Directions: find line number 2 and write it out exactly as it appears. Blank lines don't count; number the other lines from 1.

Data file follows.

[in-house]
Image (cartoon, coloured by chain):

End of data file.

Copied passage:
Image (cartoon, coloured by chain):